How do 9 million fish simply vanish? No one really knows, though all the usual suspects- water contamination, global warming, human encroachment- are standing in the police line up.

But I think I've seen the perpetrator. I can point it out.

It was about 12 years ago. My wife and I were backpacking through Europe and we were waiting for a ferry in Rodos, Greece. While we waited I watched these two guys fish a squid out of the water kind of kick it back and forth between them. For no particular reason. A game. Bored. And bored, they wandered off leaving the squid drying out to die in the sun.

Human indiffence.

It was one of those weird (in the Anglo-Saxon sense) moments that somehow sear themselves into your imagination. A glimpse behind the veil of the every-day at the ache deep down in things that we're a part of. Years later I wrote this poem about that day. Thinking today about 9 million fish gone without a trace, I thought I'd post it here.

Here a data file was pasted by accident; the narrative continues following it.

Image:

For what it's worth.


And shining in our innocence we strolled among
That ancient Grecian heat and down
Along the chalky crusade walls that glower
Spiked and shaded on the greasy water
Of the bay at Rodos Town:

Saw wide-eyed tourists, fresh from yesterday
The ebony Santorini slopes, tomorrow then
Onto that monumental monastery,
At John of Patmos' prison--
Today they tumble groggy from the ferry:

Along the antique walls they wander,
Cameras shutter through the shaded labyrinth
Of ivied green and purple flowers,
Narrow cobbled streets and arching bowers